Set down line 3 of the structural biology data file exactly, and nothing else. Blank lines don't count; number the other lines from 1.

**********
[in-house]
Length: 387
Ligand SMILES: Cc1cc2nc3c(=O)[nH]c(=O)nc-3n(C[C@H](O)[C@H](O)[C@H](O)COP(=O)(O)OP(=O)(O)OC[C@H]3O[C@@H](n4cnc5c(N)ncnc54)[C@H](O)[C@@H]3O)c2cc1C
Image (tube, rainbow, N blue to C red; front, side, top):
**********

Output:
Ligand SMILES: Cc1cc2nc3c(=O)[nH]c(=O)nc-3n(C[C@H](O)[C@H](O)[C@H](O)COP(=O)(O)OP(=O)(O)OC[C@H]3O[C@@H](n4cnc5c(N)ncnc54)[C@H](O)[C@@H]3O)c2cc1C